London’s skyline is set to undergo some major changes as commercial property development and construction around the city is at its highest since two thousand three. The resurgence of commercial property construction will take the shape of a number of new towers planned for the city of London. Looks like commercial removal services providers will be quite busy in the next couple of years. The survey outlining the upcoming developments was conducted by the New London Architecture (NLA) Think Tank.
The expected new developments are not a random occurrence, but the result of a notable trend. Market analysts and industry observers are reporting a steady increase of two percent per month in development of commercial properties in London since February of twenty fourteen. Proposals for nearly two hundred and fifty tall buildings over twenty storeys in height are currently pending approval by city authorities or have already been given the greenlight.
As of April twenty fourteen, NLA has been able to showcase most of the plans and projects, part of London’s growing and expanding skyline. Currently, thirty three buildings of up to fifty storeys have been included in the expansion plans, and twenty buildings over fifty storeys have also been included. A total of twenty percent of all commercial property high-rise projects proposed are currently under constructions – looks like commercial removals companies have their work cut out for them.
A decent portion of the high rise building projects would be residential blocks. Interestingly enough, these residential projects are not situated only in affluent areas of the city, showing the desire to eradicate inequality and pockets of deprivation. London’s East End, particularly Tower Hamlets will be at the receiving end of twenty three percent of the planned commercial property developments.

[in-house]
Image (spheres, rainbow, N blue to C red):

Central and East London will scoop about seventy seven percent of the total planned commercial developments. In actual numbers, eighteen buildings are office developments, eight of them are hotels, thirteen are going to be mixed use, and one is an educational institution. Removal services companies will have to diversify their range quite a bit if they are to cater to such a wide array of clients.
Analysts attribute the recent flurry of activity and the livening up of the construction and property development industry in the city, to the London Crossrail project. Most likely, the Crossrail scheme is stimulating construction and development along its route. Since the first proposal bill of the Crossrail project was reviewed by parliament nine years ago, commercial properties within half a mile of the new railway stations, have increased in value by fifteen percent. Much of the interest toward new commercial property developments in the capital has actually come from overseas investors – good news for international removal services providers, as much work is on the horizon.
Although it seems London is a ‘black-hole’ for investment capital, the city is not depriving the rest of the country from investments, which is clearly shown by annual growth to date – London has grown commercially by thirty six percent, while the rest of the country has grown commercially by thirty two percent.